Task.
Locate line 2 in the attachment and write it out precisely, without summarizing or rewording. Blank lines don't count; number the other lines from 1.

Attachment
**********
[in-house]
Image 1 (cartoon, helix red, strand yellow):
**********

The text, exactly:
Image 1 (cartoon, helix red, strand yellow):